Thursday, 5 December 2013

When TV Both Delights and Infuriates

As regulars readers may know, I love a good period drama and real life crime/scandal from the 1960s or 70s.

So imagine my excitement when both the BBC and ITV announced dramatisations regarding two cases that have fascinated me and caused me to read voraciously up on for a number of years now; the mystery of Lord Lucan in the 1970s and the robbery that shook 60s Britain, The Great Train Robbery.



Lucan is a two part drama beginning on ITV next Wednesday, 11th December. Based on John Pearson's excellent book The Gamblers. It stars the brilliant Rory Kinnear and Christopher Eccleston as Lucan and John Aspinall respectively, and is written by Jeff Pope. Pope is the guvnor when it comes to this kind of thing, having previously undertaken dramatisations of The Moors Murders (See No Evil) the hunt for The Yorkshire Ripper (This Is Personal) the Fred West story (Appropriate Adult) and for the big screen, Pierrepoint, the story of Britains'; notorious 20th Century hangman.




The final part of Lucan airs the following Wednesday, 18th December. Which leads me to my frustration...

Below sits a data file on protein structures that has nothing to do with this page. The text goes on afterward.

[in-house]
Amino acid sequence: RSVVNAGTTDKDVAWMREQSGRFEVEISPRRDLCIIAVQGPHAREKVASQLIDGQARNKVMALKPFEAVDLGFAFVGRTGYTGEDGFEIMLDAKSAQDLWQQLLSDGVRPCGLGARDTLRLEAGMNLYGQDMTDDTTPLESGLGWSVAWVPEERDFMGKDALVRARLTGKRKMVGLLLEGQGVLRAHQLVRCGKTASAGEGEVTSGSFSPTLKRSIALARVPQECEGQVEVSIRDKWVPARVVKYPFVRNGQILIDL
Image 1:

The BBC have produced an equally glossy looking all star cast dramatisation in two parts of The Great Train Robbery, which annoyingly commences broadcast at the same time on Wednesday 18th! Surely the station schedulers would realise that people who are interested in this kind of thing will be infuriated by such a clash? I know that in this modern day of iPlayer, Sky+ and +1 channels it isn't so much an issue any more, but even so!

The Great Train Robbery has been written by Chris Chibnall (the man behind 2013's biggest TV highlight and success, Broadchurch) and is cleverly split into two parts. The first part, The Robbers Tale will focus on the gang and the robbery itself and stars Luke Evans, Jack Roth (Tim's son and a dead spit for his father) Neil Maskell, Paul Anderson and Martin Compston, whilst the second part The Coppers Tale is broadcast the following day, Thursday 19th, and stars Jim Broadbent, Nick Moran, George Costigan and Robert Glenister as the men from Scotland Yard hunting the thieves down.

My other frustration with this drama however is the BBC's irritating habit of blanket trails for this production. Seriously I think I counted 6 screenings of the trailer yesterday, and I've seen two already today...and it's not on for a fortnight yet! (Compare this to Lucan on ITV which I've seen about 3/4 trails for in the space of a week) I really want to watch this, I'm looking forward to it...but surely the Beeb must realise that in placing their trails wall to wall during each programme break they're actually turning people off from watching rather than interesting them?



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